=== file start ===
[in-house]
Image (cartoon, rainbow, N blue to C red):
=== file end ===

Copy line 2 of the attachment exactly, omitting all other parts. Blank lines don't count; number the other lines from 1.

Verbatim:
Image (cartoon, rainbow, N blue to C red):